At Tal Afar General Hospital in northwestern Iraq, dozens of women squeeze onto waiting room chairs. They all want to see the small team of gynaecologists, who appear stressed and overworked.
Since the other hospital in the area was blown up by ISIS, Tal Afar General Hospital has been overburdened and under-resourced, serving the city as well as towns and villages far and wide.
But even if services were sufficient, one group of the neediest would-be patients would still stay away.
They are the 22 Shia Turkmen women and girls who have returned from being raped, beaten and forced into marriage to ISIS members. Some were just 12 years old when they were kidnapped as they tried to escape the terror group's assault on northern Iraq five years ago.
Since their return, community stigma – mainly from their tribes and nosy neighbours – has prolonged their suffering. Some are forced to stay at home by their relatives, who associate a rape survivor with shame. They prevent the girls from going to school, having any kind of financial independence or repairing their friendships. Instead, their families make them do menial chores at home. Even if healthcare services weren’t overstretched, the girls couldn’t leave the house to get regular check-ups for any physical or mental health effects of ISIS’s abuse. As researchers and humanitarian workers have said, it’s another kind of captivity.
Tal Afar, 60 kilometres west of Mosul in Nineveh governorate, is majority Turkmen – Iraqi citizens of Turkic origin. Some are Sunni, others Shia. They haven’t always lived peacefully side by side: post-2003, the Sunnis were marginalised by newly dominant Shia politicians and were subjected to pernicious harassment and violence. Later, Tal Afar was controlled by Al Qaeda in Iraq and once ISIS took over, many of its commanders based themselves in the city. Retaken by Iraqi security forces in August 2017, it was one of the terror group’s last strongholds.
Since Tal Afar’s liberation, about half of its 200,000-strong overall population, both Sunni and Shia, have returned, including the few who have been released from ISIS captivity. But the stigma facing those survivors is made all the worse by a dearth of government services in the city. Researchers say there needs to be vocational training for those who cannot return to normal schooling. That could help the boys and girls who witnessed unspeakable violence and suffering after ISIS kidnapped them. They might not be able to sit in a normal classroom for a while but they urgently need alternatives to help them learn to be children again.
The sexual violence survivors need special attention. The Iraqi state needs to provide much more in terms of proper healthcare, both physical and mental, and ways of communicating with the female survivors trapped at home. Social services need to explain to tribal leaders that a rape survivor needs love, compassion and help, not social rejection. While he has publicly backed UN-led investigations into ISIS crimes, Iraq's top Shia cleric, Ayatollah Ali Al Sistani, hasn't specifically urged people to welcome back the women and girls who were raped and abused by ISIS. His doing so would likely sway public opinion, as happened in 2015, when the Yazidi leader Baba Sheikh instructed families to welcome back the female Yazidis whom ISIS had traded as sex slaves.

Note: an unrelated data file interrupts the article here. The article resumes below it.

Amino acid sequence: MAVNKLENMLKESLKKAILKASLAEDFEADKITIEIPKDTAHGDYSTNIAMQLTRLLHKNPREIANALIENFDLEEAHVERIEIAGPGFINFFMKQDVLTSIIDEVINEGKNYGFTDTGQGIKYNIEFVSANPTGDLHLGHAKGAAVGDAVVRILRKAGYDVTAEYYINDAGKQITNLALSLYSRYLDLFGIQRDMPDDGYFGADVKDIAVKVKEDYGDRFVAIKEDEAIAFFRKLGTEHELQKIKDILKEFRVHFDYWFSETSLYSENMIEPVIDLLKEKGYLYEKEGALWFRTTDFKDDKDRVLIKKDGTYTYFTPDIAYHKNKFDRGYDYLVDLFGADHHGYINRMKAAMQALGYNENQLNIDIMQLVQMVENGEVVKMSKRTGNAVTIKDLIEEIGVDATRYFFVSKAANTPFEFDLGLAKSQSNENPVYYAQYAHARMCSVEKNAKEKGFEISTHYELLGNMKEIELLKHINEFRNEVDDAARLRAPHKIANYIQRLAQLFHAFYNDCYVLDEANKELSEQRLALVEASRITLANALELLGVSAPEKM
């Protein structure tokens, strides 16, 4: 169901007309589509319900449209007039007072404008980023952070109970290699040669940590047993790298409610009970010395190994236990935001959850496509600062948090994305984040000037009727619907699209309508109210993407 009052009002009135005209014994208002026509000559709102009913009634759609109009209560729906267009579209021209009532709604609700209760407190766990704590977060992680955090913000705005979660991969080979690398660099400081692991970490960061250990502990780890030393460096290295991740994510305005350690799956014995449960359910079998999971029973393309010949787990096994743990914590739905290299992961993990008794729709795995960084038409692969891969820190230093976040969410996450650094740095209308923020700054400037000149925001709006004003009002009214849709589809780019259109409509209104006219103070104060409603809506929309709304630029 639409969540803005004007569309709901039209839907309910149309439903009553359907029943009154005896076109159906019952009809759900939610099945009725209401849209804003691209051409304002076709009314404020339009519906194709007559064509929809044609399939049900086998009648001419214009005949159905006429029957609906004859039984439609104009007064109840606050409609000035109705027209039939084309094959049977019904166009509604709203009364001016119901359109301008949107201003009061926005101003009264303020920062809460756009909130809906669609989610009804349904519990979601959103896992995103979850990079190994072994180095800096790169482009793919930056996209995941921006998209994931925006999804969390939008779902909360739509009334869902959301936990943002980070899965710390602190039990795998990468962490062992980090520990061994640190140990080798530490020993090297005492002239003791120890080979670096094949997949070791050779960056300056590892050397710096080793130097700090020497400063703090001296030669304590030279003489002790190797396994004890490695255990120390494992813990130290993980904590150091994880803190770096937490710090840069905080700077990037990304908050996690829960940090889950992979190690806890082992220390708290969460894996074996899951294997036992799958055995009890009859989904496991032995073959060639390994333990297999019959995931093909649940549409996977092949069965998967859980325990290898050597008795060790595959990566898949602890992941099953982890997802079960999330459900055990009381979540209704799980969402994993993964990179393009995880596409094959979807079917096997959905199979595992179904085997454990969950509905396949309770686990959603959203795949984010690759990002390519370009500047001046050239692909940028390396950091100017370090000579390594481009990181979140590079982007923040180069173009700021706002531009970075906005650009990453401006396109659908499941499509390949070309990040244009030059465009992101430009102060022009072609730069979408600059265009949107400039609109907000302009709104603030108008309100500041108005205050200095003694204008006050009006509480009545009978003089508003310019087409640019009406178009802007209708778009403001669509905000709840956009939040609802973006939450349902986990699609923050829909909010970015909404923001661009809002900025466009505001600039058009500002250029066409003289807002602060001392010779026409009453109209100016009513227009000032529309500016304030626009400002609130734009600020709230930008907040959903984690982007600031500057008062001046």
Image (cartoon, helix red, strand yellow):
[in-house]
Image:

Outsiders dealing with the issue may face accusations of western-centric thinking and attempting to interfere in Iraq’s social structures. But a rape survivor’s rights are universal rights, not exclusively western rights.
Sunni-Shia relations in Tal Afar have improved somewhat since 2017, say residents, but that doesn’t take into account the opinions of those who have chosen not to return, or cannot. More than 31,000 people from Nineveh remain displaced in Karbala and Najaf, Shia-majority areas in southern Iraq, according to figures from the International Organisation for Migration.
Former residents wanted over ISIS links haven't been allowed back, according to a city official. In a country where judicial standards fall well below par, their fates aren't necessarily going to be decided fairly. An element of distrust between communities will inevitably remain, particularly if residents feel forgotten by authorities in Baghdad. Sunnis will likely not be allowed to forget the role of Iran-backed Shia paramilitaries from the Popular Mobilisation Forces, who worked alongside the Iraqi army to retake Tal Afar. They are now among the myriad security forces manning checkpoints and carrying out security operations on the city's periphery.
Another knot is Yazidis' perceptions of Tal Afar. Women and girls were held in the city as ISIS traded them as sex slaves while others were kept there long-term. It is inevitable that their perceptions of the place will remain tainted. Tal Afar elders are involved in reconciliation efforts between Sunni Arab tribes and Yazidis across Nineveh province. The Yazidis want the tribes to hand over names of all their members who joined ISIS. Even if this happens, the name Tal Afar will inevitably remain branded in some people's minds as synonymous with ISIS. "I'd never pass by Tal Afar because its people have destroyed us, taking our women and children," said one Yazidi survivor I spoke to in Nineveh. Of course, many of Tal Afar's residents – both Sunni and Shia – suffered enormously under ISIS too. But perceptions and feelings aren't logical. That is one of the hardest things.